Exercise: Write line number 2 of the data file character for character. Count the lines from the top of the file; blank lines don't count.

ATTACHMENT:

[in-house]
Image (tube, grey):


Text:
Image (tube, grey):